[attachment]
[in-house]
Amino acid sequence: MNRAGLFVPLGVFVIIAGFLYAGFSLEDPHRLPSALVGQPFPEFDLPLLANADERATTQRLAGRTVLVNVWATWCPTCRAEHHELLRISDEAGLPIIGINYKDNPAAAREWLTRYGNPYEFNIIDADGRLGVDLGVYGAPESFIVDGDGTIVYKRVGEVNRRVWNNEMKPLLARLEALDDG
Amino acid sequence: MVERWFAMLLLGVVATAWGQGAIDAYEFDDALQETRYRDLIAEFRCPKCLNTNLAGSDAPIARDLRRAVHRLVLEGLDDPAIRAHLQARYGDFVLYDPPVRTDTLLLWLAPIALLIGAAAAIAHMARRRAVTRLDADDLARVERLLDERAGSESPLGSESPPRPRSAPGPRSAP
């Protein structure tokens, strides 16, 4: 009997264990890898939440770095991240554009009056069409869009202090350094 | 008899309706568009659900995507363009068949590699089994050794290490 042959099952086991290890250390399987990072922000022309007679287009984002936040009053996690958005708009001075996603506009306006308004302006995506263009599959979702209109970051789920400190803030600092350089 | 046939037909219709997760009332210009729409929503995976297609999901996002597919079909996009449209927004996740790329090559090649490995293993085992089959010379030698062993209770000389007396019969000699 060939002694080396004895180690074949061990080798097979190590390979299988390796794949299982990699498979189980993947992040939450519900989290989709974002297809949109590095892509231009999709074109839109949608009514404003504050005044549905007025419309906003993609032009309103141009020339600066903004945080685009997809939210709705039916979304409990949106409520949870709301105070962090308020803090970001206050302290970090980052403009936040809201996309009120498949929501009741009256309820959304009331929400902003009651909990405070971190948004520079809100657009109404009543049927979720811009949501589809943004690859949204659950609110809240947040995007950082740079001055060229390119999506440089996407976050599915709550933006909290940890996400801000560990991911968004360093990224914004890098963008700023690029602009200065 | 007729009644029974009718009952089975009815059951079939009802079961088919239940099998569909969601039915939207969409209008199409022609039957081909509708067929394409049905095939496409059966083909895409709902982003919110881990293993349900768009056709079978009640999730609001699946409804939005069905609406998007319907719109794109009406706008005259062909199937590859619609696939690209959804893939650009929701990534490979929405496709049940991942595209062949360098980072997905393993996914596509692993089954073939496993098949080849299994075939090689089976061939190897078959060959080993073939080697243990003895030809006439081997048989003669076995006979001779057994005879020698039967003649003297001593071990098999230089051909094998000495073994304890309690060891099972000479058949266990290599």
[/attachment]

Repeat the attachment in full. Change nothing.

[in-house]
Amino acid sequence: MNRAGLFVPLGVFVIIAGFLYAGFSLEDPHRLPSALVGQPFPEFDLPLLANADERATTQRLAGRTVLVNVWATWCPTCRAEHHELLRISDEAGLPIIGINYKDNPAAAREWLTRYGNPYEFNIIDADGRLGVDLGVYGAPESFIVDGDGTIVYKRVGEVNRRVWNNEMKPLLARLEALDDG
Amino acid sequence: MVERWFAMLLLGVVATAWGQGAIDAYEFDDALQETRYRDLIAEFRCPKCLNTNLAGSDAPIARDLRRAVHRLVLEGLDDPAIRAHLQARYGDFVLYDPPVRTDTLLLWLAPIALLIGAAAAIAHMARRRAVTRLDADDLARVERLLDERAGSESPLGSESPPRPRSAPGPRSAP
């Protein structure tokens, strides 16, 4: 009997264990890898939440770095991240554009009056069409869009202090350094 | 008899309706568009659900995507363009068949590699089994050794290490 042959099952086991290890250390399987990072922000022309007679287009984002936040009053996690958005708009001075996603506009306006308004302006995506263009599959979702209109970051789920400190803030600092350089 | 046939037909219709997760009332210009729409929503995976297609999901996002597919079909996009449209927004996740790329090559090649490995293993085992089959010379030698062993209770000389007396019969000699 060939002694080396004895180690074949061990080798097979190590390979299988390796794949299982990699498979189980993947992040939450519900989290989709974002297809949109590095892509231009999709074109839109949608009514404003504050005044549905007025419309906003993609032009309103141009020339600066903004945080685009997809939210709705039916979304409990949106409520949870709301105070962090308020803090970001206050302290970090980052403009936040809201996309009120498949929501009741009256309820959304009331929400902003009651909990405070971190948004520079809100657009109404009543049927979720811009949501589809943004690859949204659950609110809240947040995007950082740079001055060229390119999506440089996407976050599915709550933006909290940890996400801000560990991911968004360093990224914004890098963008700023690029602009200065 | 007729009644029974009718009952089975009815059951079939009802079961088919239940099998569909969601039915939207969409209008199409022609039957081909509708067929394409049905095939496409059966083909895409709902982003919110881990293993349900768009056709079978009640999730609001699946409804939005069905609406998007319907719109794109009406706008005259062909199937590859619609696939690209959804893939650009929701990534490979929405496709049940991942595209062949360098980072997905393993996914596509692993089954073939496993098949080849299994075939090689089976061939190897078959060959080993073939080697243990003895030809006439081997048989003669076995006979001779057994005879020698039967003649003297001593071990098999230089051909094998000495073994304890309690060891099972000479058949266990290599």